WASHINGTON — More than 800,000 people signed up for Obamacare individual health insurance plans in the second week of open enrollment, U.S. government health officials said on Wednesday, bringing the total number of sign-ups to nearly 1.5 million so far.
There is particular scrutiny of how Affordable Care Act programs are faring after a year in which President Trump has sought to undermine Obamacare, especially after his fellow Republicans in Congress failed to pass legislation to repeal and replace the law.
More people have signed up for Obamacare plans in the first two weeks of 2018 open enrollment than in the same time period last year, and the sign-ups include about 345,000 new consumers, according to the latest figures from the U.S. Centers for Medicare and Medicaid Services.
But the Trump administration halved the 2018 open enrollment period to six weeks, slashed the Obamacare advertising budget by 90 percent and cut funding for groups that help people enroll in Obamacare insurance, so it is still unclear whether there will be the same level of participation as in years past.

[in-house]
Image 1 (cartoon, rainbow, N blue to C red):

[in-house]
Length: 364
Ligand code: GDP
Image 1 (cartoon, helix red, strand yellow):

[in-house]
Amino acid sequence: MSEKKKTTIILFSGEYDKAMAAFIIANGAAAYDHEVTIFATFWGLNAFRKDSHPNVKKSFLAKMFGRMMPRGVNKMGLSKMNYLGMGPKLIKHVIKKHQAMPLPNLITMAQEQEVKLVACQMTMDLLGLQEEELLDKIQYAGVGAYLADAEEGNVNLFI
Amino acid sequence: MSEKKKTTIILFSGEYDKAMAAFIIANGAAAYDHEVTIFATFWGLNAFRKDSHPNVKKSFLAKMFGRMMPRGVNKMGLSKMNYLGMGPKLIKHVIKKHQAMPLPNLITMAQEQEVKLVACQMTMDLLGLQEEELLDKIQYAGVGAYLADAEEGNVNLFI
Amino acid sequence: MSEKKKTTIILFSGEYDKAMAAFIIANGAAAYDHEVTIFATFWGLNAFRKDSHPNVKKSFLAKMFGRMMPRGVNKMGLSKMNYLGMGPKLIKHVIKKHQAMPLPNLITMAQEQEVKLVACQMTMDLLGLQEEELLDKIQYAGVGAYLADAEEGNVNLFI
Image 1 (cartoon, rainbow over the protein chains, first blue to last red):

The Congressional Budget Office has forecast that 11 million people will buy plans in 2018, 1 million more than were enrolled in 2017.
Republicans, who control the White House, Senate and U.S. House of Representatives, failed this summer to push through legislation to overturn the 2010 law, former Democratic President Barack Obama’s top domestic policy achievement.
Repealing Obamacare has long been a goal of Republicans and it was one of Trump’s main election campaign promises. Frustrated by inaction in Congress, the president has taken steps through executive and regulatory actions to undercut the law, and has promised to let the healthcare program “implode.”
Republicans including House Speaker Paul Ryan have said they will try again next year to repeal the law, which has extended health insurance coverage to 20 million more Americans but which has long been seen by Republicans as costly government overreach.
The Senate this week added a repeal of Obamacare’s individual mandate, the requirement that most Americans purchase health insurance or else pay a penalty, to its version of an overhaul of the U.S. tax code that is working its way through Congress.